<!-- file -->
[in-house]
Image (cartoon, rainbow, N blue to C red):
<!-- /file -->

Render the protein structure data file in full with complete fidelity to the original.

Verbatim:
[in-house]
Image (cartoon, rainbow, N blue to C red):